Introduction


Robert Earl Burton founded The Fellowship of Friends in the San Francisco Bay Area in 1970.

Burton modeled his own group after that of Alex Horn, loosely borrowing from the Fourth Way teachings of Gurdjieff and Ouspensky. In recent years, the Fellowship has cast its net more broadly, embracing any spiritual tradition that includes (or can be interpreted to include) the notion of "presence."

The Fellowship of Friends exhibits the hallmarks of a "doomsday religious cult," wherein Burton exercises absolute authority, and demands loyalty and obedience. He warns that his is the only path to consciousness and eternal life. Invoking his gift of prophecy, he has over the years prepared his flock for great calamities (e.g. a depression in 1984, the fall of California in 1998, nuclear holocaust in 2006, and an ominous, yet unspecified new threat late in 2018.) While non-believers shall perish, through the direct intervention and guidance from 44 angels (including his divine father, Leonardo da Vinci) Burton and his followers will be spared, founding a new, and more perfect civilization.

Many regard Robert Earl Burton a narcissist and sociopath, surrounded by a largely greed- and power-driven inner circle. The following pages offer abundant evidence supporting that conclusion.

This archive draws
on official Fellowship publications and websites,
news archives, court documents, cult education and awareness forums, the (former) Fellowship Wikipedia page, the long-running Fellowship of Friends - Living Presence Discussion, the Internet Archive, the (former) Fellowship of Friends wiki project, and the editor's own 13-year experience in the Fellowship.

Presented in a reverse chronology, the Fellowship's history may be navigated via the "Blog Archive" located in the sidebar below.

Monday, August 18, 2008

"New K-8 Public School Opens in Yuba Foothills"

[ed. - Despite the involvement of many Fellowship of Friends members, the direction appears to be much more grounded in reality than Robert Earl Burton's "esoteric teachings." YESCA rents its building from the Fellowship's Lewis Carroll School Association, paying the Fellowship from $50,000 to $70,000 annually.]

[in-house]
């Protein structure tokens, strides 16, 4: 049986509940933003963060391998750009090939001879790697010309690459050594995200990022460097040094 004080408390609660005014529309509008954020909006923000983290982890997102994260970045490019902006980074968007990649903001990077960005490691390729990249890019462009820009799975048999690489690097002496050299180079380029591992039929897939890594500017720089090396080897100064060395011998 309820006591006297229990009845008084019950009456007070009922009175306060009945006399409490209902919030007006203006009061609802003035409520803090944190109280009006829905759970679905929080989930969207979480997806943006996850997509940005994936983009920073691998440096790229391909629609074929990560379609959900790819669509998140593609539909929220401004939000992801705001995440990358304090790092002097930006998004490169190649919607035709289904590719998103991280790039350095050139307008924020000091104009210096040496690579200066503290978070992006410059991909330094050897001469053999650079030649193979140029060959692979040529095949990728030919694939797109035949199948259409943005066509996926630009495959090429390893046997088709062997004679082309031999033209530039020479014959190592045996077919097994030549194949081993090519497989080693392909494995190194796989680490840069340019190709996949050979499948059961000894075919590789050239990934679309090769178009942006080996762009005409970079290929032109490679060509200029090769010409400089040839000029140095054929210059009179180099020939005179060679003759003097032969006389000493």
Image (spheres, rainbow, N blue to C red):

Yuba Environmental Science (YES) Charter Academy Opens

North Yuba Grown partners to provide food for the Academy:

School's food farm-fresh

"CVB" wrote on the Fellowship of Friends Discussion blog, February 26, 2008:
There is talk about the Lewis Carroll School becoming a charter school which would be open to the community at large. Some people think this would be a good thing. I have some serious doubts. Not because a charter school would not benefit the area but because this one will carry the legacy of it’s origin in the Fellowship. The influence from Robert Burton on the existing administration and faculty has a long and perverse history and I can’t see how something new and healthy can arise from this sordid past.

"CVB" wrote on the Fellowship of Friends Discussion blog, February 26, 2008:
Re# 201 (Lewis Carroll School)

That sordid past includes the fact that Robert Burton asked women to have abortions and to give away their children. And this man is revered as a spiritual guide by the current administration and faculty.

"Opus111" wrote on the Fellowship of Friends Discussion blog, February 26, 2008:
CVB [responding to above]

In relation to LCS:

I hear your concerns but do not fully agree with them. There are many youngsters who have been through that school and seem to have done well for themselves (gone on to college and away from OH). One may be horrified by the belief system and allegiance of Faculty and Administration, but I do not think those permeate very far into actual teaching, from what I could see. It is not like pupils were taught or asked to endorse 4th way ideas or count angels in the room (unlike creationism or fear of Shakespeare in other areas of deep America).

In general, teachers care very much for the kids and provide a safe environment for them to learn. Kids learn tolerance through an unusual ethnic diversity, and go through a curriculum which, although far from perfect, seems to prepare them more than adequately for High School and higher education elsewhere.

So, while not perfect and yes, endorsed/supported by FOF, LCS has provided a true service to the OH (FOF) community.

"brucelevy" wrote on the Fellowship of Friends Discussion blog, February 26, 2008:
207 Opus111 [above]

I’d have to agree. I can’t speak about the faculty and administration per se, but my ex-wife is a teacher there. While I have several issues around our years together, and the fact that she “re-joined” I have absolutely no misgivings about her capacity to be an excellent teacher, and I’m confident that she doesn’t inject the ideas that we all fear may be fucking up the children of FOF members. She’s not a dummy, and I’d trust her judgment as to what’s appropriate within a school environment (that’s “school” and not “School”). Actually, in my opinion, they’re fucking lucky to have her.

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